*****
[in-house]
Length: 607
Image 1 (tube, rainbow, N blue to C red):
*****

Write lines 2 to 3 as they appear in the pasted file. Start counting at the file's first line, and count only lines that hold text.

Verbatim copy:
Length: 607
Image 1 (tube, rainbow, N blue to C red):